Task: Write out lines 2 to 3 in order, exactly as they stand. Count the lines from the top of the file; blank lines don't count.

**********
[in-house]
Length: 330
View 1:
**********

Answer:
Length: 330
View 1: